On Sunday I go to Waimea—Kamuela—to Ka'ai's wedding and the powwow, both unlooked for.
I drive across Highway 270, the back road, which runs from here to there through high, astonishingly green pastureland lavish of horses and cows (ka'aus, I write), traversed by luring little tracks, infrequently interrupted by gates. Some are staid and parallel, some willfully erring—climbing to rounded green water tanks or plummeting on the right to the far blue ocean. Fence posts sprout luxuriantly as living plants, and blue morning glories swarm improbably over stands of prickly pear cactus. After a stretch of the pine I call the rain pine, because its needles seem a driven silver shower— ironwood, Australian Ironwood Pine, the road comes into the open again, comes out upon the three old blue volcanoes, dead ahead.
Always before we've been going through Waimea, probably to make up for my father's interminable time immobilized there. We'd drive from the dry high desert on the north of the upcountry ranch town to the lush wet farmland on the south, usually on our way to Hilo, or to get malasadas—warm sugared Portuguese doughnuts—at Tex Drive-In in Honokaa, further down the road. (Definitely worth driving halfway across the island for.)
My father would point out Kamuela's old liquor store as we passed, a well-weathered building with lots of character, which he told us the Marines took over for a bar and café, where they could eat eggs and an occasional chicken. It's in his war novel, and part of family legend. I don't go that far today; only as far as the green church in the block of churches. I see little chickens turning on spits along the road in town as they do south of Kona in Kealakekua, enveloped in a thick fragrant cloud of smoke. The Sunday afternoon chickens, roasting. My town is different from his, but holds that other inside it.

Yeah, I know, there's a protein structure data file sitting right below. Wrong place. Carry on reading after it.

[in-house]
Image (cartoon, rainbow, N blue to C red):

White tents soar up from the baseball field. In the clearing at their center are the Indian dances. Right away I covet the feathers pluming from the backs of the dancers. I'm overtaken by desire that is more than I can bear—to be so fine, so beautiful, so sure. Like fine angels (Saint Mich', on his Paris bridge), like the feathered shafts of arrows. These men are foreign, avian. And yet like brothers. I feel belonging and bereft, both. I walk among them enraptured, and they never see me. I walk among them sorrowing for the places they go without me. Back to their tribes. Into the pure heart of the dance. Spanning rivers.
Inside the tents they're selling things. I love the sage bundles, wrapped in red or blue thread. Sage to purify. I love the old silver, the black-veined nuggets of turquoise. Like chunks of raw pigment, of resin—pungent, resonant. I love the wheat-head weave of the smallest baskets, meant to hold things, but perfect in themselves. I would have loved one of the Indian tacos, spicy meat and pinto beans in fry bread, puffed and golden, if I weren't already overfull from the wedding lunch in the basement of the green church up the road. The bride and groom stand with arms around each other watching the dancing from the edge of one of the tents, no longer wearing the long, open-ended, ceremonial leaf leis, but still visibly within their grace.